An interesting and somewhat moving account of the party given to celebrate the end of WWI, also found on the Chelsea Arts Club site, describes it as the most famous one, held on March 12, 1919. It used the concept of Dazzle, the Navy camouflage process which owed its roots to Cubism and Vorticists. (Okay, I had to look that up – Vorticistism was a brief industrial influenced abstract art movement of the pre-War teens in Britain – one of my facts for the day!) Dazzle is described as a visible expression of jazz syncopation. Here they were in 1922, a few short years later, wondering what the next hundred years would bring.

Another photo related to the ball, from the Royal Albert Hall website.

Felix and the Seashore

Pam’s Pictorama Photo Post: I always like to say it is an especially wonderful day when one of these photo postcards finds its way home to the Pictorama collection! Long time readers know that my nascent collection of these photos inspired this blog as an activity while bed bound after foot surgery many years ago. I added toys from my collection and it grew like topsy from there. Still, nothing makes my pulse race like coming across one of these – by their very nature each is different of course. I am like a kid about these and I believe passionately that I should, quite simply, own all of them. (There are obviously many earlier posts about these. A couple can be seen here and here.) Woe be to the person who tries to get in my way!

That these cards exist at all is a sort of a miracle. On beaches across the United Kingdom and a handful of places in New Zealand and Australia, folks paid to pose with Felix dolls ranging from just large to that of a good size child. Somehow here in the United States, his place of origin, it never caught on and so it is the world of the internet that allowed me to amass my collection. They were however routinely saved as photo souvenirs. Most, like this one, were never mailed and remain more pristine as a result.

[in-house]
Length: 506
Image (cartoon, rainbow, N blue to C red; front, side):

Pams-Pictorama.com collection
Pams-Pictorama.com collection.

This particular card features these two women who are wonderfully fashionable. My internet friends, especially those in Britain who deal in vintage clothing, can probably date this pretty accurately from what they are wearing, but the late twenties or early thirties I would think. (Any thoughts wassailantiques.com?) I love that women would be dressed so nicely for a day of seaside enjoyment and it makes me think of boardwalks, cool drinks and salt air – cotton candy and saltwater taffy – and most of all my beach-y childhood. I always sort of like that in these photos people generally stomp around on the sand without worry for their shoes or clothes – men in suits, women in lovely cotton or linen dresses.

Collection of Pams-Pictorama.com

Part of one of those comfy beach chairs can be seen to one side and somehow they are perfectly designed for reading a book and napping. I always used to fall asleep at the beach, stretched out face down on a towel. Must have be the sound of the water and the warm sand. I always brought a book but usually didn’t read much. Can’t say the number of times I woke to find that I had parked myself too close to the water and suddenly the rising tide found its way to me and my possessions which were suddenly floating around me. The beach has always immediately relaxed me and I think my attachment to walking by the East River daily gives me a bit of that these days.

The East River on a recent morning.

This Felix is among the smaller, but not smallest of those who worked this beat. The women have gotten into the spirit of the photo, throwing their arms around his shoulders like an old friend. Felix has a natty bow and one leg off to the side gives him a sense of animation. He too is enjoying his role center stage.

The bobbed hair of these young women is another indicator of the years this image falls within. They feel very up to the moment for the fashion of the day, visibly pleased with the knowledge that they look good. The photographer has captured them nicely. With their ascending order of heads, they (along with Felix) form a good composition in the middle of the picture – Felix has one errant ear up which adds to his always roguish charm. The people in the background are all blurred, but they also add to the festive sense of the day in their different beach and swim garb. There are folks wading and swimming and it is a busy and glorious day. I think I would dearly love to join them.